I would love to see my children’s confidence grow as vast as can be. Confidence in who they are, who they want to become, a new talent that they would like to try. Confidence that they can do whatever they put their mind to. Confidence on the first day of school and throughout the entire year. So how does a parent do that?
Create confidence from a young age
Confidence is built by what they know. Kids mostly start out in a state of humility. That isn’t a bad thing; humility is a great trait. Humility keeps the door open to learning unknown things. Show your child that it is OK to not know, and not to focus of the negative of unknowing. This just is a new opportunity to build confidence in a new skill, and as long as they keep trying, they are never failing.
Begin with a secure attachment
A child having a secure attachment will, in turn, help them develop healthy relationships. Human beings of all ages are at their happiest and most confidence when they are with their person. That attachment will help your child become more socially and emotionally confident as they age.
Work by setting realistic goals, anything as simple as putting on their own coat or picking up their toys. Once they see that they can meet their goals, their confidence will grow and they will start to believe in themselves. Some ideas include:
- Cook together (This option can be messy… heck ,it can be messy even without a kid involved!).
- Do a scavenger hunt.
- Push their limits, just slightly and safely! For young kids this could be something as simple as swimming lessons, learning to jump, pushing off of a skateboard. But, of course, use the proper safety gear and stay close by.
- Have a dance party! Instant confidence booster right there, and it’s always a sure way to cheer anyone up.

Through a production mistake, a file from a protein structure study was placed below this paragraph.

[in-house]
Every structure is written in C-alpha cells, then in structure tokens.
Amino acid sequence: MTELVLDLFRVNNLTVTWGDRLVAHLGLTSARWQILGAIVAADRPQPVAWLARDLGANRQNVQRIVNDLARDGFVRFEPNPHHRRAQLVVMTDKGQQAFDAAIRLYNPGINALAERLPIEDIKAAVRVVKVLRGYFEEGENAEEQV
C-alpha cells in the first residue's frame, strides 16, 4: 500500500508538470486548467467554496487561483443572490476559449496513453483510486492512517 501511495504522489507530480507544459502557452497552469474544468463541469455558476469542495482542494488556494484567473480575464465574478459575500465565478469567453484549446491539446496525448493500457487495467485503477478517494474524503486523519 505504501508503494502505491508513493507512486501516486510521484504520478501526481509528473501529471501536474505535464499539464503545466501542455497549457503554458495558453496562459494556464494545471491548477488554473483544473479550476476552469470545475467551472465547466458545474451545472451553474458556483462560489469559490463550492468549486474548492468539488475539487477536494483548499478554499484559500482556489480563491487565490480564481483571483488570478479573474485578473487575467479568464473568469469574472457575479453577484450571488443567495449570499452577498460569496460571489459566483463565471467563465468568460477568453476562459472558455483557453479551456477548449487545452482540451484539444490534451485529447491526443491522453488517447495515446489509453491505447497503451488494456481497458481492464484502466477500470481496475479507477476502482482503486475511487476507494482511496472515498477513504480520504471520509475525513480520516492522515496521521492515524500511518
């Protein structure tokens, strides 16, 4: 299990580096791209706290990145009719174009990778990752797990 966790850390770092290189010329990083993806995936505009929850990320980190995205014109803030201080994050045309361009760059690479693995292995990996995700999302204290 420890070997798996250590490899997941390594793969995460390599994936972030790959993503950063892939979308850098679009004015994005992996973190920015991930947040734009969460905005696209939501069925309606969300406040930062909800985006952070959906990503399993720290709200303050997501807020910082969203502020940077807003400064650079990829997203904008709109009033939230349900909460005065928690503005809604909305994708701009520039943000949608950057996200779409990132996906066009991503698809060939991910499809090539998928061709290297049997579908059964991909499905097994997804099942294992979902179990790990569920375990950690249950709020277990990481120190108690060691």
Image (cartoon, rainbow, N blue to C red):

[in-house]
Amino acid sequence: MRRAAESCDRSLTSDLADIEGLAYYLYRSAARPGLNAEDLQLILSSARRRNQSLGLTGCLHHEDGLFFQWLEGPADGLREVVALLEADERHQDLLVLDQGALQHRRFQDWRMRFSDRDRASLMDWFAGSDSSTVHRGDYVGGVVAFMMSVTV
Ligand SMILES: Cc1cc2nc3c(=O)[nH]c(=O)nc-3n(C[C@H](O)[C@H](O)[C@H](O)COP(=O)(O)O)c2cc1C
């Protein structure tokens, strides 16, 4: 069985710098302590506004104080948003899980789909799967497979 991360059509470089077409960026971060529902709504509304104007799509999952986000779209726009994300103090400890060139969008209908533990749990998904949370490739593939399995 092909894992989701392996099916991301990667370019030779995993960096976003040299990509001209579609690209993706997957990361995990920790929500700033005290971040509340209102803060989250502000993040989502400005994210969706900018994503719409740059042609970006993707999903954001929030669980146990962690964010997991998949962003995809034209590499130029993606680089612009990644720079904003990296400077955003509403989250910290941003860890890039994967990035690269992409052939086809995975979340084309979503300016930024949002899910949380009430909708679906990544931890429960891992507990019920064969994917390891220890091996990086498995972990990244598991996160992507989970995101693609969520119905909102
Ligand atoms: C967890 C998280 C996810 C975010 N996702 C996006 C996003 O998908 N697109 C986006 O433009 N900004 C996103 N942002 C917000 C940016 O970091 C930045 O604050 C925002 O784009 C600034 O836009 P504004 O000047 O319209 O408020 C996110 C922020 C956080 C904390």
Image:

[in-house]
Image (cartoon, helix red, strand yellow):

- Let them lead a walk, hike or bike ride. Just make sure you remember the way back!
Daily affirmations starting in the morning and ending at night
Set the [confidence] tone for the day by starting with a positive affirmation while you’re getting your little one up for the day. Pinterest is full of great ways to get ideas. Put them up by the changing table or on the closet door. And, before that goodnight kiss, spend just a few minutes ending the day by reflecting out the positives and gratitudes.
Remove self-limiting beliefs
Nip this one in the bud. Don’t even let your kid get themselves down with negative words likes “I can’t,” “too hard,” or “I give up.” Boost their confidence by altering these terms to reflect more positivity. Instead, show them that everything is hard before it is easy. Reassure them they are still learning, to keep trying, and they are on the right track.
In the end, all you can do is to mindfully build their confidence as best you can. Hopefully, these tools bring you your own confidence in doing so!